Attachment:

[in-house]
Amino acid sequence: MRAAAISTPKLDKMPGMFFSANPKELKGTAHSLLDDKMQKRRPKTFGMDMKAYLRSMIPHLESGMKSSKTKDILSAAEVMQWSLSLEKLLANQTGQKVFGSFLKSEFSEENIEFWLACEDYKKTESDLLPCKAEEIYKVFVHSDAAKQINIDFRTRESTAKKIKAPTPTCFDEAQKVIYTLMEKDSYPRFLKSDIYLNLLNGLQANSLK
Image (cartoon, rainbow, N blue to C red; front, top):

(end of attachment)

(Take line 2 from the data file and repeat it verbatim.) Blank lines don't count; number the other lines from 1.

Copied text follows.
Amino acid sequence: MRAAAISTPKLDKMPGMFFSANPKELKGTAHSLLDDKMQKRRPKTFGMDMKAYLRSMIPHLESGMKSSKTKDILSAAEVMQWSLSLEKLLANQTGQKVFGSFLKSEFSEENIEFWLACEDYKKTESDLLPCKAEEIYKVFVHSDAAKQINIDFRTRESTAKKIKAPTPTCFDEAQKVIYTLMEKDSYPRFLKSDIYLNLLNGLQANSLK